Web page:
Home Up Services About The Truth Useful Links Accomplishments Creative-Cost Plus OBAMACARE Newsletter Archive


S&S Benefits.....Opinion, Hearsay & News Review

S&S Benefits Consulting, Inc.  219 Darien , Dundee , IL 60118   Phone: 847-428-5353, Fax:847-428-9876

Email : jseiler@ssbenefits.net                                               http://www.ssbenefits.net/   May 2010 Issue

Health Reform revisited:

Of course, now all the garbage in the health reform bill is coming out of the landfill. Remember how the bill was supposed to save money according to CBO scoring? Well, the CBO scores what Congress gives them to score within certain parameters. But now the chief actuary of CMS says the bill will cost more! Is anyone surprised? You are if you were a Democratic member of Congress who voted for the bill. In addition, Waxman and Stupak were going to have a hearing to beat up on CAT, Deere, AT&T, et al., for announcing crushing earnings charges. However, they then chose to quietly cancel their inquisition when their staff found out that the earnings charges were indeed legitimate. And that little law about having to cover dependent children up to age 26? Remember that one? Well, now the IRS has issued regulations saying that benefits costs are tax deductible up until age 27 for an adult child. More government tripping over more government. Why to age 26 for one provision and age 27 for another? One other overlooked provision requires employers with more than 50 employees to furnish a private space, other than a restroom, for mothers to express milk for infants who are up to one year old.

For young adults, the Associated Press found that insurance coverage could cost up to 17% more under the health reform law beginning in 2014. This revelation is not surprising, but it probably is also vastly understated since insurers are not allowed to have rates for the oldest insureds exceed those for the youngest by more than a 3 to 1 ratio.

In other news, a Hewitt survey of nearly 600 large employers shows that 47% already use or plan to use financial penalties for employees who do not participate in health improvement programs.  Of those, 81% say they will do so through higher premiums, 17% say the penalty will be higher deductibles and coinsurance. A Towers Watson survey found that 67% of companies with programs designed to change employee behavior thought that their vendor fell short  in achieving their goals and 66% found that their vendors were not at all or only slightly effective in changing member behavior. This effectively proves the old adage that you can lead a horse to water, but you cannot make it drink. The survey also found that those companies who had CDHPs for the last several years were seeing costs rise at the same rates as other programs.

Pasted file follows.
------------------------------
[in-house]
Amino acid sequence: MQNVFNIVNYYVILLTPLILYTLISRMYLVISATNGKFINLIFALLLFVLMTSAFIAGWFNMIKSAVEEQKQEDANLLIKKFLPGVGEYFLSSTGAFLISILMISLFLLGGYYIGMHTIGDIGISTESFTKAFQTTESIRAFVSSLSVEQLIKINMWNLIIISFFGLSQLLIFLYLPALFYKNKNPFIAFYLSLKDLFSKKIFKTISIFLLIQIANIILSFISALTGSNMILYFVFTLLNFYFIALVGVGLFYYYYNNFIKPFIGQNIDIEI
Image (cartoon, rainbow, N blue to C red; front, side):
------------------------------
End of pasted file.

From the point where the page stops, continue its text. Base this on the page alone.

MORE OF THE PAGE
If you wish to be added or removed from the distribution of this newsletter, please email jseiler@ssbenefits.net

A Crain’s survey of 3,698 employers found that 65.7% strongly agree that they will continue to offer health coverage  (after Obamacare is fully enacted) because the coverage is a crucial part of recruiting and retention efforts. Only 8.7% of those surveyed disagreed with that position.

 Cigna and Humana have announced an alliance to provide group Medicare Advantage network products to their employer group clients to help with those client’s retiree needs.

In a MetLife survey, for the first time since 2006, controlling benefits costs edged out employee retention as the top concern of employers. Employee productivity concerns ranked third. Also in the survey, 68% of employees were feeling a heightened sense of job insecurity. Sixty-six percent of those who are very satisfied with their benefits are not as worried about unexpected health and financial issues.

A survey of workers comp costs by OCI (a data integration and software services provider) found that claims and benefit costs under workers comp rise as headcounts for employers go down. The survey attributes staff reductions to more high risk claims on the job, probably due to higher stress levels and longer hours for those who remain employed.

Consumer Reports did a survey of employee health plans in 2009 and found that 15% of HMO employees had trouble receiving care, compared to 14% of those who had PPO coverage. Eleven percent of PPO members say they were sent bills that they were not obligated to pay, compared to six percent of HMO members.

If you visit www.ssebenfits.net you will be able to link to a full copy of the health reform bill and reconciliation act as well as a summary of the reform provisions under the “Obamacare” tab.

Met Life reported that 3 in 5 individuals who were out of work at least six months due to disability did not have disability income protection. 88% of those with inadequate coverage said the disability had a major devastating impact on their feelings of financial security and 77% of them withdrew money from their savings, investments and retirement accounts. Too bad, since the coverage is so inexpensive on a group basis.